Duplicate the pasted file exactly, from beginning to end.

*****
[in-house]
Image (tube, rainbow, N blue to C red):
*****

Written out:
[in-house]
Image (tube, rainbow, N blue to C red):